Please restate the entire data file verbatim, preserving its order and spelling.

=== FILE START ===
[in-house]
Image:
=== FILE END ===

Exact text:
[in-house]
Image: